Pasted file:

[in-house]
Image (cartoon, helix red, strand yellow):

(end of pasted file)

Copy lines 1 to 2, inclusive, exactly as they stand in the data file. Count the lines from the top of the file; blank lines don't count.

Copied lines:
[in-house]
Image (cartoon, helix red, strand yellow):